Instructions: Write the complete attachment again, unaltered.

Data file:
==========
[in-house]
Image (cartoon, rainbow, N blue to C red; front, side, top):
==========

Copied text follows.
[in-house]
Image (cartoon, rainbow, N blue to C red; front, side, top):